He’s going to speak to the kids before they start four mornings of training, with a bunch of burly men who have been trotting around, placing buckets of balls, laying down chalk, warming up. They look like pro ballplayers, gone to seed in varying degress. Maybe they were in the farm league and never made the cut. Maybe they were in the bigs for a stint, replacing someone on the DL. Heck, maybe they spent their careers as journeymen, bounced around teams until they got pushed out by cheaper kids who could also hit .200. What happens to ball players then they’re not allowed to play ball anymore, and their name doesn’t make any sense in front of the words “Baseball Camp”?

It’s the fathers pressing up against Rose because maybe a third of the kids actually know who he is, or was. That’s the ratio for my boys: the 12-year-old is deeply immersed in his stats and history, the 11-year-old is aware of his stature but not the specifics, and the 9-year-old is just a fan of running and throwing and hitting things. They’re all here to improve how they play — a little baseball tune-up during the minor-league basketball season — but “here” exists because of Rose.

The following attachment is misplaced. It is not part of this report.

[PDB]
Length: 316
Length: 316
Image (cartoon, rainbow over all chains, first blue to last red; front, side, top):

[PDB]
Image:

It’s easy to write Rose up as Greek tragedy, the hero done in by his own weaknesses. He’s a legend, one of the best to ever play the game: the most hits in history, the most at-bats, five-hundred games in five different positions, the MLB record for singles, the NL record for doubles — the man had two or three good careers packed into a single go-round.

But he’s not in the Hall of Fame, and may never be. His number isn’t retired by the team he spent most of his career with. He’s not allowed to officially attend MLB events without dispensation from the Commissioner. He’s a pariah, an outcast.

Pete Rose bet on baseball games, including those of his own team. He lied about it for fifteen years, and there’s still some question if he ever bet on the Reds to lose. He says no. But of course he would.

And so what to make of him? What to make of his legacy? I’ve always been a Rose hard-case. Ban him. He’s gone. He made his bed and it was in Vegas instead of Cooperstown. Maybe if he’d come clean when caught, you could make a case that he was in the thrall of an addiction, or foolish, or short-sighted. But he didn’t. Presented with the evidence, he lied, and kept lying, for a decade and a half. If baseball — all-American baseball — can’t even pretend to have integrity, then what hope is there for business, or politics, or the culture in general?